Even as recently as March, Toyota dedicated its stand at the Geneva auto show -- its most important European platform for generating marketing buzz -- solely to displaying the company's prowess in petrol-electric cars.
But Barclays Capital auto analyst Michael Tyndall argues hybrids are struggling now that innovations like turbocharging engines, or down-sizing to four cylinders from six, mean cheaper conventional engines are making efficiency leaps.
"It's fairly simple and straightforward economics -- look at the cost of fuel and the likely fuel saving, forecast average miles driven and you can calculate the payback period for the added investment for a hybrid," he said.
"For some models we're talking seven years or more depending on the price of petrol."
Even though the Auris hybrid is built in Britain, importing key parts from Japan means the vehicle retails from 20,095 pounds -- a marked premium over the conventionally powered Auris that starts at just 13,500 pounds.
This same problem could also affect the market competitiveness of its smaller Yaris hybrid when production begins in France in the second quarter.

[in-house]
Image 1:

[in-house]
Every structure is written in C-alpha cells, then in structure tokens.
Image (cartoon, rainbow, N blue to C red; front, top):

Along with addressing its diesel weakness, Toyota is finally starting to fix some of its other problems in Europe.
This includes a 265 million euro investment that creates 1,900 new jobs and better utilises its UK factory near Derby, where production capacity was halved in August 2010. Meanwhile its French plant will have a third shift starting next year.
McKay warned Toyota would need a very attractive product pipeline for the next two years to regain lost market share.
"The problems are not only the engine side, he said.
"They also got it wrong with a model range policy that is too conservative. Toyota missed out on the trend to urban crossovers, where Nissan has done a great job with products like the Qashqai and smaller Juke."
(Writing by Christiaan Hetzner; Editing by Helen Massy-Beresford)